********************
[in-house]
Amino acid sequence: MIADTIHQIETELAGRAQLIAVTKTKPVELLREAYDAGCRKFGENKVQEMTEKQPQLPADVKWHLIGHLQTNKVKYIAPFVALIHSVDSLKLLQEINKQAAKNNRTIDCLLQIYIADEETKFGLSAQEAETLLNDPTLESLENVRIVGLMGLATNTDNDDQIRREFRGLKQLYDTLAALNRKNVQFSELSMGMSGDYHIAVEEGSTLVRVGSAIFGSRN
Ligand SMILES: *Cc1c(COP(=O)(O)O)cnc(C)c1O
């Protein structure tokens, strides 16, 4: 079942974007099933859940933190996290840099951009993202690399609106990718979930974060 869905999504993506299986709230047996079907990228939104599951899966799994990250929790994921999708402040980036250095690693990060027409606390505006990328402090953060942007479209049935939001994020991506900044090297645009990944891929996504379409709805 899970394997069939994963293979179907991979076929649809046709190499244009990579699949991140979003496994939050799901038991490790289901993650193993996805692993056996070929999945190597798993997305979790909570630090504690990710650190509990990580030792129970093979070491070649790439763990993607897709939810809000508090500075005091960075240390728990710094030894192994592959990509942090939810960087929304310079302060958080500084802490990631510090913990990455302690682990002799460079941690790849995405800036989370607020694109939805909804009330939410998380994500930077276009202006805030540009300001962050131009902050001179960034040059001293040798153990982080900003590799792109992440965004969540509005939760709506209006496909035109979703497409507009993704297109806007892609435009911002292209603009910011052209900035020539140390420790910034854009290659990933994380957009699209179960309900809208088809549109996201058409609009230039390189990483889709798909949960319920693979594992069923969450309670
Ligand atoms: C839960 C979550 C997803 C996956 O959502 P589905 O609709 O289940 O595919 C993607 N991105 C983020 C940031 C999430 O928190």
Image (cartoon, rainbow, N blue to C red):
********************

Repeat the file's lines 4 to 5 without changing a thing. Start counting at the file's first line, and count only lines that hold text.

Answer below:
């Protein structure tokens, strides 16, 4: 079942974007099933859940933190996290840099951009993202690399609106990718979930974060 869905999504993506299986709230047996079907990228939104599951899966799994990250929790994921999708402040980036250095690693990060027409606390505006990328402090953060942007479209049935939001994020991506900044090297645009990944891929996504379409709805 899970394997069939994963293979179907991979076929649809046709190499244009990579699949991140979003496994939050799901038991490790289901993650193993996805692993056996070929999945190597798993997305979790909570630090504690990710650190509990990580030792129970093979070491070649790439763990993607897709939810809000508090500075005091960075240390728990710094030894192994592959990509942090939810960087929304310079302060958080500084802490990631510090913990990455302690682990002799460079941690790849995405800036989370607020694109939805909804009330939410998380994500930077276009202006805030540009300001962050131009902050001179960034040059001293040798153990982080900003590799792109992440965004969540509005939760709506209006496909035109979703497409507009993704297109806007892609435009911002292209603009910011052209900035020539140390420790910034854009290659990933994380957009699209179960309900809208088809549109996201058409609009230039390189990483889709798909949960319920693979594992069923969450309670
Ligand atoms: C839960 C979550 C997803 C996956 O959502 P589905 O609709 O289940 O595919 C993607 N991105 C983020 C940031 C999430 O928190």